Jewish tradition holds that the Divine is like the color white – genderless and yet encompassing of all genders. If humans are made in the image of the divine, then the fullest reflection of the divine includes the fullest diversity of approaches to gender and sexuality that humanity has to offer.
בְּרוּךֶ אָתֶה ײַ, אֱלֹהִימוֹתֵינוּ מַלְכֶּת הָעוֹלָם, בּוֹרָאת פְּרִי הַגָּֽפֶן.
בְּרוּךֶ אָתֶה ײַ, אֱלֹהִימוֹתֵינוּ מַלְכֶּת הָעוֹלָם, מקדשה השַבָּת.
Bruche ateh (Adonai or Yah or HaShem or whatever people use) Elohimoteinu Malket ha’Olam, borat p’ri hagafen. Bruche ateh (Adonai or Yah or HaShem or whatever people use) Elohimoteinu Malket ha’Olam, mekedesheh hashabbat.
Blessed are you, GOD, our god, ruler of the universe, who creates the fruit of the vine. Blessed are you, GOD, our god, ruler of the universe, who makes Shabbat holy.
In blessing wine (or any special beverage), we bless the joy that comes through change and honor the reflection of divinity that each of us hold.
Our tradition dictates that the proper preparation for bread-breaking ritual requires clean hands. Because handwashing is so tied to the Motzi ritual that follows, one tradition calls for folks to move into the hand washing ritual with a communal silence that is broken only by the words of the Motzi blessing. We can use this time for a quiet self reflection and a personal check-in. Queerness is a journey of self discovery that requires flexibility, intentional self-evaluation, and brave exploration. There are so many pre-written narratives out there, and it requires a well of bravery to sift through them to find our personal truths. This bravery deserves celebration! So much of queer celebration is loud and joyful, full of bright colors and energy. Yet, quiet reflection is a deep part of queerness, too.
בְּרוּךֶ אָתֶה ײַ, אֱלֹהִימוֹתֵינוּ מַלְכֶּת הָעוֹלָם, אֲשֶׁר קִדְשֶׁנוּ בְּמִצְוֹתֶיהֶ וְצִוֶנוּ עַל נְטִילַת יָדַיִם
Bruche ateh (Adonai or Yah or HaShem or whatever people use) Elohimoteinu Malket ha’Olam asher kidshenu b’mitzvoteihe, v’tzivenu al nitilat yadayim
Blessed are you, GOD, our god, ruler of the universe, who makes us holy with their commandments, and commands us to lift up our hands.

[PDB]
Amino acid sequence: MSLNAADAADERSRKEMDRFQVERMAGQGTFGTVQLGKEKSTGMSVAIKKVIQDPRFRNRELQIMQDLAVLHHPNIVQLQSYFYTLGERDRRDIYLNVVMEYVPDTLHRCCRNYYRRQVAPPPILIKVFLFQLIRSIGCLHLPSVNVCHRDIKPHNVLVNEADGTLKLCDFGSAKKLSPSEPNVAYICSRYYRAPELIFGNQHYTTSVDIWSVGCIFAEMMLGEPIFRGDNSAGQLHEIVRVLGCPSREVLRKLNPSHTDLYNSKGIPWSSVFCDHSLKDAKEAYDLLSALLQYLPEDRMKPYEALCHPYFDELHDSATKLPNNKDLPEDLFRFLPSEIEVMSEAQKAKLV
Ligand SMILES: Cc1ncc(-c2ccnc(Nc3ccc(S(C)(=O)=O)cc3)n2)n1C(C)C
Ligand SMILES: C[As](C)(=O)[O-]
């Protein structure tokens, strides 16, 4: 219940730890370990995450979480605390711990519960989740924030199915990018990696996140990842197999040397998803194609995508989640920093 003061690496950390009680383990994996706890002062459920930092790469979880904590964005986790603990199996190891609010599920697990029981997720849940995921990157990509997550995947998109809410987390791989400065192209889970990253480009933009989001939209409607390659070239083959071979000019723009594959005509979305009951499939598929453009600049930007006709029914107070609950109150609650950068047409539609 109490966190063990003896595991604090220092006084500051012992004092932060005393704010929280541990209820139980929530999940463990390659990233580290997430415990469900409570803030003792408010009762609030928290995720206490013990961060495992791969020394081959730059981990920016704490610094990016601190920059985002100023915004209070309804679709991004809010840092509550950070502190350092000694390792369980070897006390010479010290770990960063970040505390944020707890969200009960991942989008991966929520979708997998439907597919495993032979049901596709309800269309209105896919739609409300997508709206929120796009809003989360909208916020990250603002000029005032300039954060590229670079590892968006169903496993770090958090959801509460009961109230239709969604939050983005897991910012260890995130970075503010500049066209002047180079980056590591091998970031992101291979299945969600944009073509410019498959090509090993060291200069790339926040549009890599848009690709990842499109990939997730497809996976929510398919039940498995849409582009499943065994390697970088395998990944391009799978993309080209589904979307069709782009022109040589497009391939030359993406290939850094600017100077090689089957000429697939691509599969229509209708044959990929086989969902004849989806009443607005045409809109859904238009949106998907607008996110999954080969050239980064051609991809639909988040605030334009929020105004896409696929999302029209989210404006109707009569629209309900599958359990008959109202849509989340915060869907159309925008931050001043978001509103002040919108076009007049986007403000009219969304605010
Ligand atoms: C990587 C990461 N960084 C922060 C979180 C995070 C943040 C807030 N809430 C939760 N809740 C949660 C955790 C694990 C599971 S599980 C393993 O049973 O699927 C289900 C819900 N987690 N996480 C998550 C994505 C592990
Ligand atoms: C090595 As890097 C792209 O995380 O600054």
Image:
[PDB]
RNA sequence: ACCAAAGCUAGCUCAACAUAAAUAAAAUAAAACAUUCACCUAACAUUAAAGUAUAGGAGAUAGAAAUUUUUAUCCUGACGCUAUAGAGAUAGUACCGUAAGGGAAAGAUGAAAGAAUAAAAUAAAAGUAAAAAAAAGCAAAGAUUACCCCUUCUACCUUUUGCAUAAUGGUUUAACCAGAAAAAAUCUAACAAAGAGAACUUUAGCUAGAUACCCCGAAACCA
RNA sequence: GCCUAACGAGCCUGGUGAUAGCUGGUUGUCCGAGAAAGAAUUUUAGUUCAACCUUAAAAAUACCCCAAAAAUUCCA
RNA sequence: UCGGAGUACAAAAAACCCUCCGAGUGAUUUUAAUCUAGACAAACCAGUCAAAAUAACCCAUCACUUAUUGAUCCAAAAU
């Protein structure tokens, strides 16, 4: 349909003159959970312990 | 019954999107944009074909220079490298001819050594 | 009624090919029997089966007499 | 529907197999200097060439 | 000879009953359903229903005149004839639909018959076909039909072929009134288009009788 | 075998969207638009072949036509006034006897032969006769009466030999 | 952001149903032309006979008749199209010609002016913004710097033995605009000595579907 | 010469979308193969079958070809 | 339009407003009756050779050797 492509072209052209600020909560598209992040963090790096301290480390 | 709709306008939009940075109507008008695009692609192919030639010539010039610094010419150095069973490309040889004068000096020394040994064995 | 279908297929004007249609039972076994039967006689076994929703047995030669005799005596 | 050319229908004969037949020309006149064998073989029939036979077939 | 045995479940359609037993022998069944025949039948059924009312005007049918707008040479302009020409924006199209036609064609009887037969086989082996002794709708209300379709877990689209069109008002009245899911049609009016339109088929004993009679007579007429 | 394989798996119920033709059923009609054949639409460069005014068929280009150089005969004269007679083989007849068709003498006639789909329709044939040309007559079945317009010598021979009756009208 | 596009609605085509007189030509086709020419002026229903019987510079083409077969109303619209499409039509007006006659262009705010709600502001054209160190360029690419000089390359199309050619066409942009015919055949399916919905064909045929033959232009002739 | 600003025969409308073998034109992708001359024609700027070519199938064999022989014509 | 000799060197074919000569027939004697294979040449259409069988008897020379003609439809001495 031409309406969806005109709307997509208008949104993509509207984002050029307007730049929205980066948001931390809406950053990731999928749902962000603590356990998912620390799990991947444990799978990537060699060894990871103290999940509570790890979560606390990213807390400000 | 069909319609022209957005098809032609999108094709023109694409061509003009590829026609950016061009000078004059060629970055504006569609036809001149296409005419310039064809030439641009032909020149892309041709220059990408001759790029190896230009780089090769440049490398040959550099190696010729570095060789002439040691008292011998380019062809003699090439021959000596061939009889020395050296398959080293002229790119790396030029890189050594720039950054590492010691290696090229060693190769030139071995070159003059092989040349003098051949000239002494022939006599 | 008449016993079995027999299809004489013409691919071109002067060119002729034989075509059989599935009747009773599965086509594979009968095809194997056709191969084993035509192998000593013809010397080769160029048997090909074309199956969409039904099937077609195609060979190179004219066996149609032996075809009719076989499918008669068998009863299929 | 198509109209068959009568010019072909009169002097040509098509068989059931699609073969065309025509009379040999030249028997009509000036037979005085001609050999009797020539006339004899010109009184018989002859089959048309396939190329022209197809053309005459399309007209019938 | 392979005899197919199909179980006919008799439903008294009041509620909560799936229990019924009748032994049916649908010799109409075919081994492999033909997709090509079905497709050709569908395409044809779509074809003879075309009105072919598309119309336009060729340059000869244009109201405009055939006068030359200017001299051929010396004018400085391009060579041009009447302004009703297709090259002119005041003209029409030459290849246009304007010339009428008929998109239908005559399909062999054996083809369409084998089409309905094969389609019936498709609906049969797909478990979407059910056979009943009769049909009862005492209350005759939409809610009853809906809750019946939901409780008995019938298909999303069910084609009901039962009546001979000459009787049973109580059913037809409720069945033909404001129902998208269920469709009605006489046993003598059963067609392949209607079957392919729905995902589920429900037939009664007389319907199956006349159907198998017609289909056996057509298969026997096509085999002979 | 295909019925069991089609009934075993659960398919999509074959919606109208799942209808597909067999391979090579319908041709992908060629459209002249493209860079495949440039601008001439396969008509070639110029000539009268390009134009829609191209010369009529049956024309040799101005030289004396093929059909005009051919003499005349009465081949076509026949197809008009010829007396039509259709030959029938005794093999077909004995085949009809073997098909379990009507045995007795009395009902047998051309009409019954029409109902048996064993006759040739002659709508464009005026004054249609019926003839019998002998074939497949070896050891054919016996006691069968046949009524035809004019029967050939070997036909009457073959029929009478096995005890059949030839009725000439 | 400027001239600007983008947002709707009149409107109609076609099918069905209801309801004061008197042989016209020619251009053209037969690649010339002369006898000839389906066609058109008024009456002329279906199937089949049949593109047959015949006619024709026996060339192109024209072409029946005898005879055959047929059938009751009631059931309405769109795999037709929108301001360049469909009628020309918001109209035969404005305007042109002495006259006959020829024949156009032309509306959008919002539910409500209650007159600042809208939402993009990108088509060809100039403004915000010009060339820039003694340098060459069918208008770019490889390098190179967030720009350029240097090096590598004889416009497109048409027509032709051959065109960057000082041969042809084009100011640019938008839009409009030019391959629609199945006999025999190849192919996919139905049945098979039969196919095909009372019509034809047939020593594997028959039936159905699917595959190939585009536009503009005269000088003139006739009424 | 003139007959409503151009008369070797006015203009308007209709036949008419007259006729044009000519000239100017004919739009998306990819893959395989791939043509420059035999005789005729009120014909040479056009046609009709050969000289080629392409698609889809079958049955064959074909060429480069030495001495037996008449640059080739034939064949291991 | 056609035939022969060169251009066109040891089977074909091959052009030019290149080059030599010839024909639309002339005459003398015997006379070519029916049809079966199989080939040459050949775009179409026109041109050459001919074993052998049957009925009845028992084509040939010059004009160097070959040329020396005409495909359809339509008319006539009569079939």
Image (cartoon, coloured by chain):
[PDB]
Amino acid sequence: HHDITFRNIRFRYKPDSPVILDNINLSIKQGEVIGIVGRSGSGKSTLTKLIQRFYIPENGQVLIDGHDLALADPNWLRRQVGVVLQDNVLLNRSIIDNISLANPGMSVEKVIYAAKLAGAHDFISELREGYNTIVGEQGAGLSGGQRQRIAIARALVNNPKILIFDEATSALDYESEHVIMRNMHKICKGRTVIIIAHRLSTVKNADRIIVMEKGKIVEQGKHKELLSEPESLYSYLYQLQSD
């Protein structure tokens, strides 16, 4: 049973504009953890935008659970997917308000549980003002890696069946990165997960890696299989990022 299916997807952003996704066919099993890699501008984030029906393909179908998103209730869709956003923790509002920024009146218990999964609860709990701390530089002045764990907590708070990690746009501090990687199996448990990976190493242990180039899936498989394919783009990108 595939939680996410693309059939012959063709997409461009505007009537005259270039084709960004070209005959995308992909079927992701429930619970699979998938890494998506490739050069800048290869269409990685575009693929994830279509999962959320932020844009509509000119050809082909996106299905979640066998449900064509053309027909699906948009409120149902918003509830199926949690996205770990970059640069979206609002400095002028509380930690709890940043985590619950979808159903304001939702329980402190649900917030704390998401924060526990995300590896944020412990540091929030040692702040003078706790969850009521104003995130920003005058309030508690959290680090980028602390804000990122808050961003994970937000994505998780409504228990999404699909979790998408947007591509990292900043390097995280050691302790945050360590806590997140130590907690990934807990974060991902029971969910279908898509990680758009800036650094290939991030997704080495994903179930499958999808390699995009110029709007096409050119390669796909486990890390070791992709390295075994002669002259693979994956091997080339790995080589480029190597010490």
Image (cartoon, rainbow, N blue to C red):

Here, as we wash our hands and return to the table to sit in companionable silence, we honor the self that has persevered to find its truest form in a world with so much noise.
We both love bread – it’s often the Shabbat ritual we most look forward to. Breaking fresh bread can quickly turn even strangers into new friends. As Ashkenazi Jews, both of us grew up using challah as our main Shabbat bread. Yet, as we’ve grown into our Jewish adulthood (and Naomi has become gluten-free and vegan!), we’ve learned that the Motzi blessing isn’t synonymous with challah. Jewish cultures around the world use different kinds of bread for this blessing, which means that the Motzi is a perfect opportunity to showcase other identities you hold or the diversity around your Shabbat table.
בְּרוּךֶ אָתֶה ײַ, אֱלֹהִימוֹתֵינוּ מַלְכֶּת הָעוֹלָם, הַמּוֹצִיאֶה לֶחֶם מִן הָאָרֶץ
Bruche ateh (Adonai or Yah or HaShem or any other divine name you’d like to use) Elohimoteinu Malket ha’Olam, Hamotzi’e lechem min ha’aretz.
Blessed are you, GOD, our god, ruler of the universe, who brings forth bread from the earth.
Using a new kind of bread (e.g. injera, rye, pita, arepas, cornbread) can be a tangible way to experience the changing of ritual over time, and the way communities customize ritual and imbue it with new meaning. It’s also very queer – queerness is groundbreaking at its core!
Queer-ing ritual is the act of taking a blueprint, and re-imagining it to be more attuned and aligned with yourself and your purpose. It is going against the grain – the challah if you will — it is a holy rebellion that centers questioning rather than answers. Your identity is yours, and so too is your ritual. We invite you to take what resonates, to dream up something else, and to create a Friday night that speaks to you.
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About the Author:
Naomi Davis(they/them) is the Miami Field Manager and Anne Prusky (she/her) is the Senior Development Manager, Data + Research